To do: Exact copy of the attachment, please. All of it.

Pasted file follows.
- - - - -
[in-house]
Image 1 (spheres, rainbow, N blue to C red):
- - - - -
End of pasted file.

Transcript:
[in-house]
Image 1 (spheres, rainbow, N blue to C red):